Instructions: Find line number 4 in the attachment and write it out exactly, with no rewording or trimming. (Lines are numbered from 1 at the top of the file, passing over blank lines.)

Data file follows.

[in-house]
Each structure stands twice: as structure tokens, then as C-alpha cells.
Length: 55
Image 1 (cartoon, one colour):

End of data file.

Image 1 (cartoon, one colour):